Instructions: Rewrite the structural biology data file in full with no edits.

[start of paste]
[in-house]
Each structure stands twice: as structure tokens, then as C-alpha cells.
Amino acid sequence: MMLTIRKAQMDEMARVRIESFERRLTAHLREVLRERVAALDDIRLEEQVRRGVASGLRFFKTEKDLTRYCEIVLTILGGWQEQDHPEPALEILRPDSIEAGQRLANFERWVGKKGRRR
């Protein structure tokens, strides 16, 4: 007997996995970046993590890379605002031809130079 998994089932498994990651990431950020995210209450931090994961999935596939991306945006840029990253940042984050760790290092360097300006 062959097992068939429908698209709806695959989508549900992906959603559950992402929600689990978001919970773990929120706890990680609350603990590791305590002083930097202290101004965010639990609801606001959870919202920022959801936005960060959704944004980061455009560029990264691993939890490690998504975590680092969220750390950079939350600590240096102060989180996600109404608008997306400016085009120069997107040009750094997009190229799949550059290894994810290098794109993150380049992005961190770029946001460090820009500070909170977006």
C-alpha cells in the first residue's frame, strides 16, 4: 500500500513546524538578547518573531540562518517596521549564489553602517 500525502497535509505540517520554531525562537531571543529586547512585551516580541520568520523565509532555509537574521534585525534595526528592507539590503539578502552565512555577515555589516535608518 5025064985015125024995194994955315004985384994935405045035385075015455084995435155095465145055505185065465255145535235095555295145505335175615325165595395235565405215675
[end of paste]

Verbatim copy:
[in-house]
Each structure stands twice: as structure tokens, then as C-alpha cells.
Amino acid sequence: MMLTIRKAQMDEMARVRIESFERRLTAHLREVLRERVAALDDIRLEEQVRRGVASGLRFFKTEKDLTRYCEIVLTILGGWQEQDHPEPALEILRPDSIEAGQRLANFERWVGKKGRRR
């Protein structure tokens, strides 16, 4: 007997996995970046993590890379605002031809130079 998994089932498994990651990431950020995210209450931090994961999935596939991306945006840029990253940042984050760790290092360097300006 062959097992068939429908698209709806695959989508549900992906959603559950992402929600689990978001919970773990929120706890990680609350603990590791305590002083930097202290101004965010639990609801606001959870919202920022959801936005960060959704944004980061455009560029990264691993939890490690998504975590680092969220750390950079939350600590240096102060989180996600109404608008997306400016085009120069997107040009750094997009190229799949550059290894994810290098794109993150380049992005961190770029946001460090820009500070909170977006």
C-alpha cells in the first residue's frame, strides 16, 4: 500500500513546524538578547518573531540562518517596521549564489553602517 500525502497535509505540517520554531525562537531571543529586547512585551516580541520568520523565509532555509537574521534585525534595526528592507539590503539578502552565512555577515555589516535608518 5025064985015125024995194994955315004985384994935405045035385075015455084995435155095465145055505185065465255145535235095555295145505335175615325165595395235565405215675